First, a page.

Like seeing a moon rising in the morning or stars replacing a clear blue sky, reversal is a common sight in Macbeth by Shakespeare. The theme of reversal is one of the most prevalent themes throughout the play. One of the first lines is the witches chanting “fair is foul, and foul is fair. ” (I. i. 12) The witches chant that good is bad and bad is good which is a complete reversal of what is normally though, good is good and bad is bad not the other way around.
Reversal is not exclusive to humans. Even animals such as “a flacon, tow’ring in her pride of place, / [a mousing owl attacks and kills it]. ’’ (II. iv. 15-16) Owls do not hunt flacons as flacons are the larger creatures, on top of that flacons are higher than owls on the chain of being, making the attack a complete reversal of the natural order. The natural order of Macbeth’s world is reversed; things are supposed to be one way but are the total opposite.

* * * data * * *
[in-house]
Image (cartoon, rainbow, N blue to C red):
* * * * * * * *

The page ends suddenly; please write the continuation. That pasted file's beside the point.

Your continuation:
Things are in such a disarray that “by th’clock ‘tis day, / and yet dark night strangles the travelling lamp. ’’ (II. iv. 8-9) While clocks read day time, darkness swallows the sun, making it look like night even though it is the middle of the day. The theme of reversal is one of the major themes in Macbeth and has a heavy focus on it, it is littered throughout the play, affecting people, animals and the world around the characters.